Improving lives, one break at a time
Villagers in El Salvador and the Republic of Malawi can thank Loyola Marymount University students in part for access to safe water to drink. Through the Engineers Without Borders program, students helped design their water systems.
"More than a billion people lack access to clean water and sanitation, leading to millions of premature deaths every year, most of which are children," says Jeremy Pal, assistant professor of civil engineering and environmental science and an adviser to the LMU chapter of Engineers Without Borders. "I feel proud that LMU engineering students are making a difference for those who aren't as fortunate as we are."
Civil engineering junior Jennifer Rodriguez remembers the details of her work in El salvador. "We installed a new water distribution system consisting of a pump and PVC piping that led from a well, more than 200 meters away, to two tanks." Rodriguez had been to the village before during an earlier service trip with Ignacio Companions and was glad to help there again.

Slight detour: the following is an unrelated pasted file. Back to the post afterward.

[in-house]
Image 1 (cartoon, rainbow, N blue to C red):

The 2010 Malawi project began the process of bringing fresh water to the Malingunde school for the Blind. LMU students assisted with the design for the project, which required two options: one that used a ram pump with no external energy source and one that employed a more standard pump and treatment system. The standard design received approval, and the construction phase will begin in May 2012.
For more information about alternative breaks, visit Jessica Viramontes in the LMU Center for Service and Action office in the St. Robert's Annex or visit the Alternative Breaks website.